T-minus five days until Mother’s Day. Don’t you dare forget.
Piston Powered takes a look at my proposed Rip Hamilton deal: “This trade definitely intrigues me. This draft is short on big men, so a trade like this might be the only way to get one – unless B.J. Mullens falls to 15. As I’ve said with the Billups trade: better a year too early than a year too late. Hamilton has value now, but will he next offseason? I believe the Thunder have the cap room to take back Hamilton without Detroit having to take Atkins or Watkins. So, that’s a plus for the Pistons.”
Jermaine Taylor of Central Florida who averaged 26.2 ppg (third in the nation) and was Conference USA Player of the Year will work out for the Thunder soon. The 6-4 shooting guard is charting his draft journey right now: “From Orlando, I left this weekend to train in Indianapolis with Shon Bolden. He’s the same guy who trained rookie George Hill, who is a client of my agent Michael Whitaker. I will be training with George and a few returning college basketball players, but I am not so concerned with who I am training with, but rather focused on improving my overall game. My first workout is with Oklahoma City Thunder coming up soon.” I watched Taylor play in the Conference USA tournament this year. He reminded me a lot of Toney Douglas, the star scorer for Florida State. Dime even called Taylor “the biggest sleeper in the year’s draft.” That’s two shooting guards getting workouts so far – I’m thinking we’re getting an idea where Presti wants to go with that second pick. (Draft Express profile)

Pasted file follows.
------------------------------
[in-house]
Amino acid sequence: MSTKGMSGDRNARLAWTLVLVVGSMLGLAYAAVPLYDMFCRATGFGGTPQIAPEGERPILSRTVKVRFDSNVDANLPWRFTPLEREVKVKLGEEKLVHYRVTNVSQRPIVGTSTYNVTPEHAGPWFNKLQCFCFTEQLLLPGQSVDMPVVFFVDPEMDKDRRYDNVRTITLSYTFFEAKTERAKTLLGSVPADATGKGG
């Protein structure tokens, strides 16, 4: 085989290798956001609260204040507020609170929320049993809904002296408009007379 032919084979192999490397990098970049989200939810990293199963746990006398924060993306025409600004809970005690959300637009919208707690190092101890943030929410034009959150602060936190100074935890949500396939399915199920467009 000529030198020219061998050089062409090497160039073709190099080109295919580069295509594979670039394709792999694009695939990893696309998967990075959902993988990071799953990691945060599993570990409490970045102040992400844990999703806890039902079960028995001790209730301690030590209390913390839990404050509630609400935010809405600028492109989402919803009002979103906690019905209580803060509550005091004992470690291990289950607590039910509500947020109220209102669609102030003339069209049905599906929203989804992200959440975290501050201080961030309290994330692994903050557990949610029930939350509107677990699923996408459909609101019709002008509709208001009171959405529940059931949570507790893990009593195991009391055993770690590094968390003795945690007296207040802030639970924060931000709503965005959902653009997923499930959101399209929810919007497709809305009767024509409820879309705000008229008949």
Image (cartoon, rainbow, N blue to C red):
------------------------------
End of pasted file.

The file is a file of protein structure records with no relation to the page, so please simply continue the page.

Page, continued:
LeBron winning the MVP at just 23 put the spotlight back on Wes Unseld who is the youngest MVP ever: “Bob Pettit, Bob McAdoo and Wilt Chamberlain were all 23, but the youngest player to ever win the award remains Wes Unseld, who turned 23 only nine days before he won the MVP with the Baltimore Bullets in 1968-69. The 6-foot-7 Unseld also won the rookie of the year that season. He and Chamberlain remain the only players to pull off that amazing ROY-MVP duo in the same season.” Kevin Durant’s got three years until he’s 23. Any chance?
I was watching the Tampa Bay Rays-Baltimore Orioles game last nigth and Gary Thorne relayed a really interesting quote from Rays skipper Joe Maddon. He was speaking about Evan Longoria who is off to a sizzling start in his sophomore campaign. When someone asked Maddon about a potential sophomore slump for the AL Rookie of the Year, he se said something like, “Some guys you worry about that because they think they’ve already got it. They don’t work as hard because they think they’re there. Not Evan though. He’s still working like he’s got something to prove, like he’s a nobody in this league.” As soon as I heard that, I immedietely thought about how that described Kevin Durant perfectly.
This writer from Bleacher Report sees the Thunder taking a point guard: “I believe the Thunder will focus on a point guard and here’s why: By selecting a point guard in the draft, it will allow Russell Westbrook to move to his more natural position at shooting guard and inject a ball-handle with a floor leader mentality and in certain cases more team-oriented agendas than Westbrook has displayed in his first season with the Thunder. At the very least, the experiment of plugging in Westbrook at point in his rookie year provided Russell with some experience running the team and should the new draftee falter, Westbrook can revert back to his old position and help out in that area.”